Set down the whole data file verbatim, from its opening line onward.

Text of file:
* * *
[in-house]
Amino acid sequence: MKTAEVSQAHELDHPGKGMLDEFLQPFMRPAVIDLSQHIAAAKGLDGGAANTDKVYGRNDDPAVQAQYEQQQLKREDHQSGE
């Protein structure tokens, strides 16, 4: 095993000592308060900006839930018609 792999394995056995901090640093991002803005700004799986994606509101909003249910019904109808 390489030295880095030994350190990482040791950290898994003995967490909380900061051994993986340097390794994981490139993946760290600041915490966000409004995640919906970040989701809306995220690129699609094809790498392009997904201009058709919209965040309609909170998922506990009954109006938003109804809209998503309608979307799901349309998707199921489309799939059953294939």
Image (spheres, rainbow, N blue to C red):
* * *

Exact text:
[in-house]
Amino acid sequence: MKTAEVSQAHELDHPGKGMLDEFLQPFMRPAVIDLSQHIAAAKGLDGGAANTDKVYGRNDDPAVQAQYEQQQLKREDHQSGE
């Protein structure tokens, strides 16, 4: 095993000592308060900006839930018609 792999394995056995901090640093991002803005700004799986994606509101909003249910019904109808 390489030295880095030994350190990482040791950290898994003995967490909380900061051994993986340097390794994981490139993946760290600041915490966000409004995640919906970040989701809306995220690129699609094809790498392009997904201009058709919209965040309609909170998922506990009954109006938003109804809209998503309608979307799901349309998707199921489309799939059953294939």
Image (spheres, rainbow, N blue to C red):